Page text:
Back in June 2013 I did a blogpost on this gutted church that stands lonely in a field of dandelions out on Red Bluff Road, south of Quesnel, British Columbia. The light was perfect – pink and soft after a late afternoon shower – so I took a detour to try to photograph her. I turned off the main road down a pot-holed dirt track, and was met by two mangy dogs, which barked noisily at me – not used to seeing strangers in their neck of the woods. Literally.
But they were harmless, and I wandered around for at least half an hour – trying to do the old Catholic church justice with my photos. I imagined the stories she could tell – of families whose histories were intertwined with her own: of baptisms, weddings, funerals and Sunday services.
Interestingly enough, when it first caught fire, the local volunteer fire fighters went inside, only to find that there were no flames or smoke. It turns out that the part of the church one can see was simply built around the original structure, and that the double walls and double roof were keeping the flames on the outside.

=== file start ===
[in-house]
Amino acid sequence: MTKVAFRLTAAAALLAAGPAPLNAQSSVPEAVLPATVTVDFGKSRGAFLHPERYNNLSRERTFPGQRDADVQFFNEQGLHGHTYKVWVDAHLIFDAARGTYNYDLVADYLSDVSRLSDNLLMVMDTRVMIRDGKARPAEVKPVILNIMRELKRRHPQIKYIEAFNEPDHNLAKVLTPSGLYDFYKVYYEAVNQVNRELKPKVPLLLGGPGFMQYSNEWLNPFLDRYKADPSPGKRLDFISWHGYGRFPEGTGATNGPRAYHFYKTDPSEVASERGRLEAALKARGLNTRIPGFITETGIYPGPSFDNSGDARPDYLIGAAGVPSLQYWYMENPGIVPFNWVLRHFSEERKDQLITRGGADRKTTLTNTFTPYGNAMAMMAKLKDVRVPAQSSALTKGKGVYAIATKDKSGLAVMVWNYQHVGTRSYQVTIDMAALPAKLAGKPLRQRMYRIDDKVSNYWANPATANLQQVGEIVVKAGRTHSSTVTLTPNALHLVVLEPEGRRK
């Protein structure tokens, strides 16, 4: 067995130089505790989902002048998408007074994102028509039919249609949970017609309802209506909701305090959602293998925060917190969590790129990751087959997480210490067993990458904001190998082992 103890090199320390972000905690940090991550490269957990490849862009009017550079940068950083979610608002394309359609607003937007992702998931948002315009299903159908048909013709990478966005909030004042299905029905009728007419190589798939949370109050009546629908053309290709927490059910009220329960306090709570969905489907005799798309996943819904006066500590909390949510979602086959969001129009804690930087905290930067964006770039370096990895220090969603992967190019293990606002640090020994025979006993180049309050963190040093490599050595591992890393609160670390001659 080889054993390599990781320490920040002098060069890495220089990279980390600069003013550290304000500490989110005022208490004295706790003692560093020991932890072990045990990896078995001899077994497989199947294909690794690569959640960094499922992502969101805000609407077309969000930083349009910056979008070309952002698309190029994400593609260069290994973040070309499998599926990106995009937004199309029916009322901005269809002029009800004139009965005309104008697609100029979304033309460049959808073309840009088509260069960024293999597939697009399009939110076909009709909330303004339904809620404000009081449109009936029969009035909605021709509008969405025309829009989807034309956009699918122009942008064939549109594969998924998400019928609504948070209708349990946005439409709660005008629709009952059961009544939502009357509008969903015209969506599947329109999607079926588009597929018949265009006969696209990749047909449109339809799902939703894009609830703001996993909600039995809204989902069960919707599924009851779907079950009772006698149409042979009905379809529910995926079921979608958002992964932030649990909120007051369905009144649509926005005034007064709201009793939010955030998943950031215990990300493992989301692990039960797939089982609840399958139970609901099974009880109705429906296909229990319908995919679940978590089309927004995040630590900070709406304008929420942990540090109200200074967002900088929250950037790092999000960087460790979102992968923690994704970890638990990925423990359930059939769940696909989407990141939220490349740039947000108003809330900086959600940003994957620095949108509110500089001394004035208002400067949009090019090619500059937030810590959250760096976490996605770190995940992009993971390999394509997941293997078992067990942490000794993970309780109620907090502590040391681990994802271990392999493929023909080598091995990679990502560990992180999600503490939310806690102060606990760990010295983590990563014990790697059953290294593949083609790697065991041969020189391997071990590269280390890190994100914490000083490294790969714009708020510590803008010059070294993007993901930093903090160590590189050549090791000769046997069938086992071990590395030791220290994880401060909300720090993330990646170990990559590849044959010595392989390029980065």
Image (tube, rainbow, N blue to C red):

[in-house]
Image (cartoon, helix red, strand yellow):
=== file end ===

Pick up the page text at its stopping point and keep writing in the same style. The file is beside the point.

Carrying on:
When I returned to these parts in July this year I went over one evening to shoot her again, and was met with a sign with red letters: Private. And something about needing to get permission to enter. Perhaps my numerous visits in 2013 and 2014 had something to do with that. Of course, I ventured in anyway to see if I could find the right person to give me permission to shoot my favourite model. Once again, a few dogs announced my arrival loudly, and a young woman stepped out of a van or truck in a cloud of smoke, clutching a beer and a joint.
“You’re not allowed to be here,” said she. “You have to get permission from the band,” which, in these parts, means the First Nations or aboriginal ‘group’ (for want of a better word). And so I left, just a little bit dejected. Perhaps I will try to get permission from them at some point, but in the meanwhile I leave you these – my first photos of my favourite model.
(PS, when I blogged about it previously, I was told in no uncertain terms by a Canadian friend who lives abroad that I should “be careful where/when you use the term ‘prairie’ while in Canada. As someone from THE Prairies, a small flat open space such as is shown in your photo does not qualify.” I decided to keep the name because it sounds poetic. My apologies to everyone from THE prairies to my east, including you “prairieplett.”)